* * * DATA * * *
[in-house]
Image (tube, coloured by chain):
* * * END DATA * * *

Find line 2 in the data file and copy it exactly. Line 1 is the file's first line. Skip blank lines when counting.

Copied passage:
Image (tube, coloured by chain):